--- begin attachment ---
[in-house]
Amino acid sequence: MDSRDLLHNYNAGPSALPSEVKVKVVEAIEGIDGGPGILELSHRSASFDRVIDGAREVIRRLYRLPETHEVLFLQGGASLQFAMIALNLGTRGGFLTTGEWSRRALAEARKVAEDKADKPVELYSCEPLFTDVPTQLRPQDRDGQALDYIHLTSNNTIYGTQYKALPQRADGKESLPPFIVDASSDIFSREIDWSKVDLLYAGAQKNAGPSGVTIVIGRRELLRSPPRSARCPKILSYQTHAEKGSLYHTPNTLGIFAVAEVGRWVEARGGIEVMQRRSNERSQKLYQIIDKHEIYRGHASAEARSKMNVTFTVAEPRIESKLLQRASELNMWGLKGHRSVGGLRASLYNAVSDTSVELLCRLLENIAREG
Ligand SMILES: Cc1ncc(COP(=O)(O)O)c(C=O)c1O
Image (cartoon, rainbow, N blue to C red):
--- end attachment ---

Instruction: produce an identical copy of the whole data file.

[in-house]
Amino acid sequence: MDSRDLLHNYNAGPSALPSEVKVKVVEAIEGIDGGPGILELSHRSASFDRVIDGAREVIRRLYRLPETHEVLFLQGGASLQFAMIALNLGTRGGFLTTGEWSRRALAEARKVAEDKADKPVELYSCEPLFTDVPTQLRPQDRDGQALDYIHLTSNNTIYGTQYKALPQRADGKESLPPFIVDASSDIFSREIDWSKVDLLYAGAQKNAGPSGVTIVIGRRELLRSPPRSARCPKILSYQTHAEKGSLYHTPNTLGIFAVAEVGRWVEARGGIEVMQRRSNERSQKLYQIIDKHEIYRGHASAEARSKMNVTFTVAEPRIESKLLQRASELNMWGLKGHRSVGGLRASLYNAVSDTSVELLCRLLENIAREG
Ligand SMILES: Cc1ncc(COP(=O)(O)O)c(C=O)c1O
Image (cartoon, rainbow, N blue to C red):